Math Biology Seminar: Chin Lin Guo


Title: Multi-step self-organization of epithelial tubules at centimeter scales


Abstract: With lengths up to centimeter scales, tubules enable long-range transport and are essential for the homeostasis of our bodies. The current theory is that cells follow morphogen gradients to build long tubules. It remains undetermined whether interactions between cells and extracellular matrix molecules are sufficient to form long tubules at organ scales. Here, we show that with a limited supply of type I collagen in the liquid environment, epithelial cells can self-organize centimeter-long, hundred-micrometer-wide, unbranched tubules without preexisting spatial cues from biochemical factors or scaffolds. Formation of these tubules involves a sequential series of cell-collagen interactions including a cell-aided assembly of collagen fibers, collagen fiber-aided long-range (~ 600 micrometers) mechanical interactions between cells, and a collagen fiber-guided morphological switch of cells, which in turn form polarized, tubular lumens. We propose a simple free energy model to explain how collagen as a limiting factor provides a spatiotemporal collective effect for long tubule formation. Our findings suggest that cells can use mechanical forces to create large-scale self-organization (spatial scale: centimeters), which can be used for the engineering of functional organs.

Colloquium: Jared Whitehead


Title: In search of the ultimate state of slippery Rayleigh-Benard convection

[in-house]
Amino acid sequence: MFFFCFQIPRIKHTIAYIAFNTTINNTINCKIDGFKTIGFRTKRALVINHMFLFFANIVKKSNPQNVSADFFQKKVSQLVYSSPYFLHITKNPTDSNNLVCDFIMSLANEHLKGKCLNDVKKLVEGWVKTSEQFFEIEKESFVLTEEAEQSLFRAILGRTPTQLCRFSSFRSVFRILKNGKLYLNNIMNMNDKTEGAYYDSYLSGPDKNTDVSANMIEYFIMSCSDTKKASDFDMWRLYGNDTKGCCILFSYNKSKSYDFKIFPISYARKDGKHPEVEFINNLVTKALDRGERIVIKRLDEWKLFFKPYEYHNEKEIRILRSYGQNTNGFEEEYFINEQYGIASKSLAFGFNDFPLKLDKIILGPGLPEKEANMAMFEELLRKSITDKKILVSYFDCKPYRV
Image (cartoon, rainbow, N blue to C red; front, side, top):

Abstract: For decades, experiments (and more recently numerical simulations) have attempted to determine how the effective transport of heat (measured by the non-dimensional Nusselt number Nu) scales with the driving force (as measured by the Rayleigh number Ra) –when said driving force is asymptotically strong–in Rayleigh-Benard convection where an incompressible, Boussinesq fluid is driven by an imposed temperature gradient.  To date the results are inconclusive for experiments, and finite limitations on computational resources restrict the potential usefulness of direct numerical simulation.  In contrast to these approaches, we derive rigorous upper bounds on the heat transport for slippery convection in which the velocity satisfies a stress-free (or free-slip) boundary condition on the vertical boundary.  For 2d convection as well as 3d convection for infinite (or even large) Prandtl number (ratio of kinematic viscosity to thermal diffusivity) this bound takes the form Nu < C Ra5/12.  At finite Prandtl numbers this scaling challenges some theoretical arguments regarding asymptotic high Rayleigh number heat transport by turbulent convection.

Colloquium: Andrew Dittmer


Title: How to Find Curves as Symmetric as the Klein Curve


Abstract: The complex curve x3y + y3z + z3x=0 is a nonsingular genus 3 curve whose automorphism group is famously isomorphic to the simple group G = PSL2(F7) of order 168. These 168 automorphisms are induced by (the projectivization of) one of the irreducible degree 3 representations of G. It is natural to wonder whether or not there might be other plane curves that have this unexpected symmetry property, and, if so, whether these curves have other interesting geometric characteristics. It will be possible to show that the answers to these questions display surprising patterns, and that these patterns are capable of considerable generalization.